Beak Attack: In 1st and 2nd Edition Advanced D&D, many monsters (both bird-like and non-birdlike) have beak attacks that do enough damage to kill ordinary people (who have 1-6 Hit Points) with one blow. Some of these monsters and the number of Hit Points of damage their beaks do:
The Darfellan from Stormwrack go nuts in the presence of a sahuagin (the race that nearly drove them to extinction).
There is also one way to stop Githyanki and Githzerai from attacking each other on sight: have them both see an Illithid nearby. (If they can kill it, they will return to fighting each other.)
The one time when adventurers might be happy to encounter a beholder is if they're already fighting another one, and it looks in any way different from the new arrival. Cue both beholders trying to bite each other to death for being "imperfect".
Asmodeus for the Devils. Demogorgon, Orcus, and Graz'zt for the Demons. In 4th edition, the dark god Tharizdun shows signs of being the ultimate Big Bad due to being opposed by literally every other god and being directly responsible for the creation of the Abyss, and the Player's Handbook 3 hints that he's also responsible for the Far Realm's incursion into the material world.
Elder Evils was basically a book that detailed several of these, and how to play them out over the course of an entire 20-level campaign; the campaign was basically capped off by confronting said evil.
Lolth is also the Big Bad of the Drow, and of the entire 1E Giants / Drow / Demonweb adventure sequence in which she debuted.
Big Eater: Giants have appropriately giant-sized appetites, but Hill Giants especially, to the point where their whole lives and motivations revolve around eating and gathering food, regardless of how poisonous, rotten, or alive it is (see Extreme Omnivore below).
Bizarre Alien Psychology: Beholders have two brains. For some reason they process their data through the emotional part before transferring it to the logical part. Which means, if something is against a beholder's beliefs (which, through genetic memory always amount to Always Chaotic Evil racist monster) it won't ever get far enough to apply to its logic.
Bizarre Alien Reproduction: Many monsters have extremely strange methods of producing the next generation. Aberrations, of course, tend to be the oddest of all, but even more "mundane" beasties can be pretty weird.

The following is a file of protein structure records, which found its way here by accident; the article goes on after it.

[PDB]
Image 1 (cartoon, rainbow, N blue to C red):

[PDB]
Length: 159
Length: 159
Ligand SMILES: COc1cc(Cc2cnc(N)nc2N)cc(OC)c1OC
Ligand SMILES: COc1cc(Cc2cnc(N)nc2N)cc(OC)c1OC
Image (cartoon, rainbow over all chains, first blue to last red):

In 2nd edition, according to their Ecology article in Dragon, the Lamia Noble, which resembles a human man or woman from the waist up and a giant snake from the waist down, only produces more of its own kind by breeding with humans; mating with each other produces Lamia Commoners, who appear as human women from the waist up and a hermaphrodite lioness, she-goat, doe or antelope from the waist down. And these lamias must, again, mate with humans to produce more of their own kind, as mating with each other produces "sa'irs"; sterile bestial beings that look like someone stuck the horns of a goat on the head of a lion after switching its hindquarters for those of a goat.
Beholders, depending on edition, are either asexual or hermaphroditic, but in either case, reproduction ends with the beholder puking up its uterus so that its offspring can then eat their way free. Once it recovers, it tends to kill and/or eat the ones it thinks look the least like itself.
Illithid reproduction is two-part; first, an adult illithid vomits up or lays (it depends on the sourcebook) a mass of gelatinous eggs in the Elder Brain's pool, which hatch into tadpole-like illithid larvae. Assuming they aren't eaten by others in the pond or the Elder Brain itself before maturing, they are then inserted into the ear of a helpless humanoid, whereupon they consume its brain and physically merge with its spinal column to mutate it into the iconic cthulhumanoid form of the adult illithid.
''D&D'' Sphinxes consist of the Andro- and Gynosphinx (human-headed), the male and female respectively of the species, and two exclusively male parasitic "cousins" in the form of the Crinosphinx (ram-headed) and the Hieracosphinx (eagle-headed). Gynosphinxes only want to mate with Androsphinxes because those are the only partners who will father new gynosphinx daughters, which causes crinosphinxes to try to bribe the gynosphinxes into having sex and the hieracosphinxes to simply resort to rape. At the same time, androsphinxes are prudish intellectuals who dislike sex due to it distracting from "purer" intellectual matters. So, courtship for a gynosphinx requires tracking down one of the reclusive androsphinxes, avoiding being raped by a hieracosphinx or captured by a crinosphinx along the way, and then jumping through hoops to coax the androsphinx into laying off the books long enough to get her pregnant.